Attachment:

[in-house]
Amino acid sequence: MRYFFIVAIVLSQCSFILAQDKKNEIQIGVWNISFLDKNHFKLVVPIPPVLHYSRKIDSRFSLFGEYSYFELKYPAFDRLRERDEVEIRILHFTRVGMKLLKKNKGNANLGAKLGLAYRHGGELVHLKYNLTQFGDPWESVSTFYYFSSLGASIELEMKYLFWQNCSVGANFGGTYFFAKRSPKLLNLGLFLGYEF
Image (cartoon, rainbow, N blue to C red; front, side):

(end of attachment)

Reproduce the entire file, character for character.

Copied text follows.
[in-house]
Amino acid sequence: MRYFFIVAIVLSQCSFILAQDKKNEIQIGVWNISFLDKNHFKLVVPIPPVLHYSRKIDSRFSLFGEYSYFELKYPAFDRLRERDEVEIRILHFTRVGMKLLKKNKGNANLGAKLGLAYRHGGELVHLKYNLTQFGDPWESVSTFYYFSSLGASIELEMKYLFWQNCSVGANFGGTYFFAKRSPKLLNLGLFLGYEF
Image (cartoon, rainbow, N blue to C red; front, side):